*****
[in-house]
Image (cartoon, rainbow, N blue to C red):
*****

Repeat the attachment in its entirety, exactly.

[in-house]
Image (cartoon, rainbow, N blue to C red):